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Celebrating the women of SFFH

We asked our Discord members community for their recommendations of SFFH women to celebrate this International Women’s Day. Here’s what they had to say.

We really are in a spectacular age for speculative fiction, and it’s being driven by a lot of exciting woman-identifying authors across science fiction, fantasy, and horror. Naturally, then, for International Women’s Day, I took to the BFS Discord to ask our members for their recommendations. Who should we be reading to celebrate our women writers—not just today, but every day. 

Of course, there were some titans that kept coming up—LeGuin, Hobb, Cooper, Shelley—but they were complemented by a wide-range of suggestions both contemporary and classic.

Here’s what our members had to say. Do you agree? Did we miss anything? Let us know in the comments below. 

“Everything I’ve read by Becky Chambers has been brilliant. She has such a way of crafting very personal and emotional storylines with relatively low stakes that still make you think about big questions. The Long Way to a Small Angry Planet is the first in a loosely connected series – they could each work as standalones but are probably best enjoyed in order.”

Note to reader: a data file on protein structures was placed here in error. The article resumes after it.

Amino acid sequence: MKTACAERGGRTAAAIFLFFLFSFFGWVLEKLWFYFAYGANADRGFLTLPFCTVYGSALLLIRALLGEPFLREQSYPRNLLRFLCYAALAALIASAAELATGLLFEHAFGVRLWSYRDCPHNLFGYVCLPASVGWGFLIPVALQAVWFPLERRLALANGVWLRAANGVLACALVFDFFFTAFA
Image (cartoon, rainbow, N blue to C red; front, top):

Laurence J.R. Nix

“Katharine Kerr’s Deverry Cycle is the series that really got me into fantasy! Although I recommend starting with book one in the series, Daggerspell, and not book 11 like I did. Also: Robin Hobb, obviously. Carol Berg is my absolute favourite writer. I first read Transformation when I was 18 and fell in love and she will always be an instant-buy for me. I’d say start with Transformation but it’s a struggle to get hold of in the UK now. She’s just re-released her Bridge of D’Arnath series though, so start with Son of Avonar.” 

“Oh my god, the list is endless! Ursula Le Guin, Octavia Butler, Tamora Pierce, Susan Cooper, T Kingfisher/Ursula Vernon, and Gail Simone are definite favourites…

“Another is an author I would like to be better known: Margo Lanagan (pictured left). Her work is fantastical, spiky, and strange, and draws on folklore and fairytales in a way that makes similar works seem rather tame. She presents dark and challenging ideas in deceptively clear and beautiful prose, and builds her worlds with a deftness and confidence that makes me extremely jealous. I would recommend starting with her first short story collection Black Juice, and her best-known short story “Singing My Sister Down”. 
Sarah Jackson

“+1 for Margo Lanagan. The Goosle is great too.”
Neil Williamson

“The Goblin Emperor by Katherine Addison is my favourite book of all time! She has two others set in the same world which are also great. I’ve never read anything written under her non-nom-de-plume, Sarah Monette, though.”
Hannah Hulbert